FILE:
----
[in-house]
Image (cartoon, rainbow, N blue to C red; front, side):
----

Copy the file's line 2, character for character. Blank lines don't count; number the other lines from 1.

Image (cartoon, rainbow, N blue to C red; front, side):